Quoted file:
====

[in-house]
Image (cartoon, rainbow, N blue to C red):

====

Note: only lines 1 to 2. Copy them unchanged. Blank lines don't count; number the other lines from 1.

[in-house]
Image (cartoon, rainbow, N blue to C red):